The Mount Sinai Hospital

Mount Sinai Hospital, founded in 1852, is one of the oldest and largest teaching hospitals in the United States. In 2011-2012, Mount Sinai Hospital was ranked as one of America's best hospitals by U.S. News & World Report in 12 specialties. Located on the eastern border of Central Park, at 100th Street and Fifth Avenue, on New York City's Manhattan Island, Mount Sinai has a number of hospital affiliates in the New York metropolitan area, and an additional campus, the Mount Sinai Hospital of Queens. The hospital is also affiliated with one of the foremost centers of medical education and biomedical research, Mount Sinai School of Medicine, which opened in September 1968. Together, the two comprise the Mount Sinai Medical Center. As U.S. cities grew more crowded in the mid-19th Century, philanthropist Sampson Simson (b 1780, d 1857) founded a hospital to address the needs of New York's rapidly growing Jewish immigrant community. It was the second Jewish hospital in the United States. The Jews' Hospital in the City of New York, as it was then called, was built on 28th Street in Manhattan, between 7th & 8th Avenues, on land donated by Simson; it opened two years before Simson's death.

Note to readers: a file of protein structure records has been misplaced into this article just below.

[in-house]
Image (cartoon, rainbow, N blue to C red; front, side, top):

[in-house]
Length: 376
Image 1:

Website
http://www.mountsinai.org/
Wikipedia
http://en.wikipedia.org/wiki/Mount_Sinai_Hospital,_New_York

Some content from Wikipedia, licensed under CC BY-SA

Subscribe to rss feed

Medical research

Researchers identify mechanisms that make skin a protective barrier

A Mount Sinai research team has identified one of the mechanisms that establish the skin as a protective barrier, a breakthrough that is critical to understanding and treating common skin conditions including eczema and psoriasis, ...

Diseases, Conditions, Syndromes

Researchers discover biomarkers of ALS in teeth

Mount Sinai scientists have identified biological markers present in childhood that relate to the degenerative and often fatal neurological disease called amyotrophic lateral sclerosis, also known as ALS or Lou Gehrig's disease, ...

Diseases, Conditions, Syndromes

Blood thinners may improve survival among hospitalized COVID-19 patients

Treating hospitalized COVID-19 patients with anticoagulants—blood thinners that slow down clotting—may improve their chances of survival, researchers from the Mount Sinai COVID Informatics Center report. The study, published ...

page 1 from 44